Considering this information, I'm now pretty certain that the muscle ratcheting condition that we are experiencing is simply an enhanced physiological tremor due to anxiety. This also probably explains many of the accounts of "shaky hands" or "jittering/trembling" that I have read on the experiences forum. However there are some puzzling pieces that still remain.

Et cetera
Firstly, I don't experience many of the normal symptoms of anxiety such as increased heart rate, sweating, or paleness. I would have thought that in order to have a really rare symptom of anxiety, like the muscle shaking, that I must also have the most common symptoms. I have spoken to some psychologists and psychiatrists about this and they are getting back to me soon.
Secondly, the texts that I read recommended beta-blocker therapy with Propranolol to reduce the tremors. My neurologists recommended this months ago and I took 60 mg of Propranolol daily for about 6 weeks with no change in the muscle shaking. However, upon reviewing the sources that I read, most of them recommended a daily dose of 120 mg or more to reduce the tremors so I am considering restarting beta-blocker therapy with a much higher dose to see if there is any effect. I have also considered that, instead of epinephrine/nor-epinephrine, perhaps another anxiety related hormone such as Cortisol may be to blame.
I am working on controlling my anxiety and hopefully this will eventually end my symptoms.


My main reason for this post is that all of the threads I found about this condition were rife with flippant or imprecise explanations for it. I think the above information might be a solid first step in truly understanding this specific symptom and perhaps later we could learn how to resolve it in those individuals in which it does not spontaneously remit.
Last edited by yaumno on November 10th, 2013, 11:32 am, edited 1 time in total.
Tempus edax rerum: "Time devours all things" - Ovid from "Metamorphoses"
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Re: Muscle Ratcheting and Tremor - Specific Information

Postby Yuliasir on November 10th, 2013, 3:00 am

Hi, thanks for excellent post, I hope it owuld helpful for many fellows here who experience ratcheting and confuse it with clonus ot Parkinson-related 'cogwheel' movements.

as for anxiety, you do not need to be pale, sweating or have constant heart palpitations. Those are symptomes related to acute adrenaline shot and subsequent autonomous system reaction (in sudden fear or in panick attack). As a person with chronic anxiety, I can tell you that much important is having constant sometimes elevated level of adrenaline to develop all those issues. Yes, if we are suddenly frightened, then ratcheting, extended tremors, cricopharingeal spasms (up to loss of ability to speak loudly) are pronounced even in generally healthy people.
But if your body is under prolonged action of adrenaline or other stress hormones, like in chronic anxiety, most probably you would experience just constant central brain excitation, and your autonomous system would be used to it, so no sweating, heartbeats or pale face - but still enhanced tremors, probbaly due to that part of muscle activity which is centrally mediated ;)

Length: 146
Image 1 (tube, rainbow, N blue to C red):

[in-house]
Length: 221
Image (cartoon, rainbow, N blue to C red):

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Re: Muscle Ratcheting and Tremor - Specific Information

Postby emmie.s on November 10th, 2013, 1:37 pm

Really detailed, useful information. Thanks for sharing your research and knowledge with us! :)
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Re: Muscle Ratcheting and Tremor - Specific Information

Postby TyWebb on November 13th, 2013, 8:18 pm

That ought to be added to neurology textbooks!
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Re: Muscle Ratcheting and Tremor - Specific Information

Postby shell67 on November 14th, 2013, 12:44 pm

Interesting you should say this...because I just spoke to my neurologist about the muscle shakiness I was experiencing in my left arm, and he recommended the beta blocker for me. I'll let you know if I find relief. Thanks -- now I know what to call this weird sensation!
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Re: Muscle Ratcheting and Tremor - Specific Information

Postby yaumno on November 15th, 2013, 10:51 am

shell67 wrote:Interesting you should say this...because I just spoke to my neurologist about the muscle shakiness I was experiencing in my left arm, and he recommended the beta blocker for me. I'll let you know if I find relief. Thanks -- now I know what to call this weird sensation!


Thanks, definitely let us know how it turns out. Could you perhaps describe the shakiness that you experience in your left arm? (When it happens, how it feels, what does it look like externally)

You say that it is occurring in your left arm, so presumably not in the right? It's definitely important to know if it's unilateral.
Tempus edax rerum: "Time devours all things" - Ovid from "Metamorphoses"
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Re: Muscle Ratcheting and Tremor - Specific Information

Postby Watereddown on January 8th, 2014, 2:58 pm

I too started noticing my arm shake, It kind of feels like it begins in my shoulder. Like if i were to hold a pushup position in the up form, my right arm would be shaking but not the left. It doesn't happen all the time, but when it does, it definitely throws me into a spell of panic lol
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Re: Muscle Ratcheting and Tremor - Specific Information